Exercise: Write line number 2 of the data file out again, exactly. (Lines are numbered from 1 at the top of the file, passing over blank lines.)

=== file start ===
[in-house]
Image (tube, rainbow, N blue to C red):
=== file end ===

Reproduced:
Image (tube, rainbow, N blue to C red):